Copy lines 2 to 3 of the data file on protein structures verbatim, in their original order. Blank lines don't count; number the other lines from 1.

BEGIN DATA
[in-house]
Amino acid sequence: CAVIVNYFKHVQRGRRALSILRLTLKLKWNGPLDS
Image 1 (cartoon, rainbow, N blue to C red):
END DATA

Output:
Amino acid sequence: CAVIVNYFKHVQRGRRALSILRLTLKLKWNGPLDS
Image 1 (cartoon, rainbow, N blue to C red):